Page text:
SEEN FROM THE RAMPARTS of Meherangarh Fort, Jodhpur is a densely populated city of small square buildings painted white and blue. The clank and thump of industry and the indistinct roar of many voices rise softly on the spiralling currents of air upon which eagles glide. The image of the eagle is a recurring motif in the city. Eagles and kites, considered guardians of the city, hover protectively over its inhabitants both literally and figuratively. These birds feature on the crest of the royal family of Marwar, Jodhpur, and are to be found in paintings and carvings all across the city.
Palaces built of gold-hued stone, mud walls fashioned from desert soil, eagles and aeroplanes, vibrant colours, the harsh, bleached light of the desert – each element comes into its own, blending one with the other to create a city with a fascinating past and an intriguing present.
The plain on which the city is built is dominated by two hills; one a rugged outcrop of weathered rock out of which the fort seems to emerge organically, so difficult is it to distinguish where the rock ends and the man-made structure begins. The other hill is rounder, gentler, covered with small trees and shrubs and crowned by the Umaid Bhawan Palace. At night, from the air, the two buildings seem to float in twin pools of light upon a glittering carpet of stars.
Prince and peasant come together at festive times to mark the passage of each year with rituals which are still held dear and festivities that go back to the distant past. Among these are a series of fairs that celebrate the festival of Holi and the coming of Spring.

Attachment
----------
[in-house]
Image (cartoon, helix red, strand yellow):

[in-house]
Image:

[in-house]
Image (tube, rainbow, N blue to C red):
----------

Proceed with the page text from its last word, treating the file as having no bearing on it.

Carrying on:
There is no better place to see the people and products of Jodhpur than in its crowded and bustling bazaar. Near the Ghanta Ghar or the Clock Tower, at the Sardar Market in Old Jodhpur one can encounter, while strolling, the busy activities of the traders in this commercial heart of this city. Among the goods which are finding a widening market are the hand-woven textiles of weavers who live in simple mud huts on the edge of the desert.
A changing social environment and a shift in local buying patterns posed a threat to the weaves of woollen shawls in the Jodhpur area. Dynamic cooperation and a willingness to seek other avenues for the sale of their textiles have created a whole new range of products and activities for some group of weavers. Their products are hugely popular in Delhi and other states too.
The weavers now directly showcase their products in Delhi through Nature Bazar or similar outlets.
Meherangarh Fort is still very much a part of Jodhpur and it belongs to every visitor who walks through. Meherangarh was built in the 15th Century, when times were more turbulent than usual in this land once called Marwar. Even after five centuries, the Meherangarh Fort stands proud, unconquered and regal, yet in spirit it belongs to the people of Jodhpur.
Against the background of parched brown earth, the blue city stands out magnificently. Jodhpur is full of history and full of legends – a paradise in the heart of the heat and sandstorm of Rajasthan.